Driving the future: NVIDIA, Audi aim to put advanced AI cars on road by 2020

Driving the future: NVIDIA, Audi aim to put AI cars on road by 2020

nvidia, audi, ces 2017, jen-hsun huang, scott keogh, nvidia drive px, artificial intelligence, ai co-pilot, audi q7, nvidia pilotnet, nvidia driveworks, nvidia xavier

AI is the way to go

Aiming to reinvent the USD 10-trillion transportation industry, giants NVIDIA and Audi announced at CES 2017 the shift of their decade-long partnership toward a collaboration that will put AI cars on the road starting in 2020.

Through his pre-show keynote address, NVIDIA founder and CEO Jen-Hsun Huang, along with Audi of America president Scott Keogh, announced that future Audi car models will take advantage of deep learning to deal with the complexities of driving.

Revealing the initial details of this new collaboration, Huang introduced the NVIDIA DRIVE PX, an AI platform for self-driving cars that uses trained neural networks to make itself aware of and comprehend the surrounding environment, and determine a safe path forward.

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"NVIDIA is pioneering the use of deep learning AI to revolutionize transportation. Audi's adoption of our DRIVE computing platform for AI cars will accelerate the introduction of next-generation autonomous vehicles, moving us closer to a future of higher driving safety and new mobility services," Huang said.

"Audi drivers know the pinnacle of performance and technology. In our mutual pursuit for safer roads, the partnership between Audi and NVIDIA will expand to deep learning and artificial intelligence to bring higher automation onto the road more quickly,” Keogh added.

Huang added that AI will be able to learn its driver’s behavior and anticipate its routines, for example, the need to go to the office in the morning and home in the evening, the time when to open and close of the garage door, temperature adjustment based on the driver’s preferences, and the ability to understand and respond to requests in a natural conversational language. These capabilities are discussed along with NVIDIA’s AI Co-Pilot technology.

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As AI involves usage of different sensors and HD maps, Huang shared some details on NVIDIA’s partnerships with the world’s largest automotive suppliers Bosch and ZF as well as mapping companies HERE and ZENRIN.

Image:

Demonstrating the concept of autonomous driving, an Audi Q7 will be provided at CES where passengers will be to ride in the back seat with no one behind the steering wheel. Equipped with NVIDIA’s DRIVE PX and DriveWorks software, the Q7 employs NVIDIA PilotNet neural networks. These NVIDIA innovations allow the Q7 to recognize and understand the changing environment while driving. The demo features a driving course with modifications such as various road surfaces, marked and unmarked lanes, and a construction zone requiring a detour, simulating real on-the-road scenarios.

Huang also bolstered NVIDIA’s firm position in the AI car strategy by mentioning its forthcoming Xavier AI supercomputer-on-a-chip (SoC) which employs the company's next GPU architecture, Volta, enabling it to deliver 30 TOPS (trillion operations per second) of performance while consuming just 30W of power. The SoC was first unveiled at the GPU Technology Conference Europe last September.

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Through a decade-long of technology partnership, NVIDIA and Audi rolled out award-winning projects such as the Audi MMI navigation and the Audi virtual cockpit, now available across a variety of the automaker’s vehicle models. In the coming months, Audi will release its new A8, the world’s first Level 3 automated vehicle with its Traffic Jam Pilot system, powered by Audi’s zFAS which combines NVIDIA hardware and software.  

Since the announcement of the partnership between the two giants, Audi’s sales have jumped from 60,000 cars a year to 210,000 cars in 2016, according to Keogh.

Below is a video demo of NVIDIA's self-driving car that was shown at CES 2017.